Anything's fair in love and war – but not in getting a job.

Are you an honest person?

Most people would respond with a resounding “Yes!” Aside from a few socially-acceptable fibs such as “I love that tie” or “I'm only five minutes away,” professionals tend to believe that they are honest where it matters. Sure, one might lie to smooth over an uncomfortable interaction or to avoid hurting someone's feelings, but virtually everyone agrees that lying on a resume falls outside the benevolent “white lie” category. What professional candidate would commit such a misstep?

Turns out, quite a few people do. A recent TopResume survey asked 629 recruiters to share their experience with lies, both small and big, on candidate resumes and during interviews. The findings may surprise you.

Lying on your resume is more common than you think

In fact, nearly four out of five recruiters, HR professionals, and hiring managers have witnessed lying first-hand. Discovering those lies may result in a hard conversation during the interview or even an outright dismissal of the candidacy with no chance to recover.

Which offenses are most likely to cost a candidate the job? Here is the list of the top five lies that received the highest damage scores in the survey:

  • Academic degree

  • Criminal record

  • Certifications and licenses

  • Work experience

  • Technical skills and proficiencies

These parts of the resume, plus other quantifiable factors, are often verified through background and reference checks. Admittedly, completion of background checks is far from perfect (23 percent of respondents confessed to only doing the background checks sometimes and 11 percent never perform them), but this is the most common way for the lie to be found out.

Resume lies have serious consequences

Is there a chance that a lie might not compromise your candidacy? Yes, but that possibility is small. In only two percent of cases, survey participants uncovered a lie and still allowed the candidate to move forward in the process.

The rest of the vote was split. About half of the remaining recruiters (48 percent) were firm on disqualifying the candidate immediately. Most often, this had to do with the subject of the lie. For example, a professional might lie about having a professional certification that's required for the job. Most licensing agencies have online research tools that allow an HR professional to simply type in a license number to check its status. A phone call to the agency is just as simple. A lie can be found out in seconds! Since licensing is often a statutory requirement, there is a high chance that the company will complete this check diligently and will have no tolerance for misrepresentation.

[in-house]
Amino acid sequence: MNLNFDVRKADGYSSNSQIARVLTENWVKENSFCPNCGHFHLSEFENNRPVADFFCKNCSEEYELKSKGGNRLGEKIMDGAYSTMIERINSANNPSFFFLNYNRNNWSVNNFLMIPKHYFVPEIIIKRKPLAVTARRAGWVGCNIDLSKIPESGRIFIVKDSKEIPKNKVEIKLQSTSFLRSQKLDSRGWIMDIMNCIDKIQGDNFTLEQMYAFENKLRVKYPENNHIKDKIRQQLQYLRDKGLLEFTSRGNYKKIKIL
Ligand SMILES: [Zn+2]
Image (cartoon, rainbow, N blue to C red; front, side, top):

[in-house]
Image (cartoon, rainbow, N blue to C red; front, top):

The remainder of the survey participants (roughly half of them) observed that there might be a bit of room for flexibility in certain circumstances. Perhaps the candidate states that she is fluent in French, even though this skill isn't required to perform the job successfully. If she then fails to answer a question asked in French but is otherwise well-qualified, some HR professionals may allow the candidacy to move forward.

Or perhaps a candidate lists state-level competitive swimming on his resume for a job that has nothing to do with swimming. If the hiring manager happens to have a brother who competed in the same swim club, she may ask for more details. That may cause the story to unravel. Depending on other qualifications and the candidate's response, it's possible that the candidacy may be allowed to remain in the running.

However, those are judgment calls that are situational and manager-specific. As such, it is difficult to predict outcomes with any accuracy. It is possible that a “small” lie added to make a resume look more impressive or unusual might slide – or it might ruin a candidacy.

Is honesty really the best policy?

When it comes to the hard facts on the resume, the answer is a hard “Yes.”

From academic degrees to certificates, professional licenses, criminal record, positions held, and technical skills that are required for the job, the best approach is to tell the truth. In fact, experts recommend that candidates double-check all key dates and details on their resume to be certain that there are no unintentional mistakes (let alone bold-faced lies).

Some candidates may be compelled to lie or embellish the truth because they believe their honest resume won't make it past the initial screening, let alone get them an interview. Perhaps their resume has a gap in employment, and they don't want to look like an undesirable candidate. Or maybe they were fired from the last job and would rather not list it at all. What then?

Begin by being honest with yourself and asking yourself a few hard questions. What specifically makes you feel that your resume isn't enough?  It is possible that your qualifications are objectively insufficient for this position. However, it's also possible that you have fallen for the illusion that someone else's resume (just like their vacation pictures on Instagram) is more glamorous and impressive than yours. In reality, HR professionals and hiring managers don't expect glowing perfection. Outside of a few “hard” technical prerequisites, there is often some room for professionals to be humans-in-progress.

If you are uncomfortable with certain parts of your professional history, you should know that there is a way to present them favorably. If you are still tempted to stretch the truth in order to make your resume look more attractive, know that lying isn't the only way to accomplish the goal. Work with a professional resume writer instead. An experienced specialist can help you frame your professional history in a way that puts a spotlight on your candidacy without taking the risk and the lasting consequences of lying on your resume.

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